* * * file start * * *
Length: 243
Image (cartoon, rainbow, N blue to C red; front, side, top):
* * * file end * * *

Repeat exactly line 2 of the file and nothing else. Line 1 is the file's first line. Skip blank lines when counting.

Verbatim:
Image (cartoon, rainbow, N blue to C red; front, side, top):